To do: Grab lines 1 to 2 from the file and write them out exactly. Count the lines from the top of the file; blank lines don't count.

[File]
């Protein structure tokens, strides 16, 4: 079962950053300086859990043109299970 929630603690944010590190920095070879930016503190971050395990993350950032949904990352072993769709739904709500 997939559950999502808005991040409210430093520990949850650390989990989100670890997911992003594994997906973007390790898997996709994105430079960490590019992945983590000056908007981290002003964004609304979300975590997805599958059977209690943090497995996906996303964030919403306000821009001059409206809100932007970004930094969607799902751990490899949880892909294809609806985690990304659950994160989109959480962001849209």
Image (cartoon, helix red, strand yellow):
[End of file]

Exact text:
């Protein structure tokens, strides 16, 4: 079962950053300086859990043109299970 929630603690944010590190920095070879930016503190971050395990993350950032949904990352072993769709739904709500 997939559950999502808005991040409210430093520990949850650390989990989100670890997911992003594994997906973007390790898997996709994105430079960490590019992945983590000056908007981290002003964004609304979300975590997805599958059977209690943090497995996906996303964030919403306000821009001059409206809100932007970004930094969607799902751990490899949880892909294809609806985690990304659950994160989109959480962001849209």
Image (cartoon, helix red, strand yellow):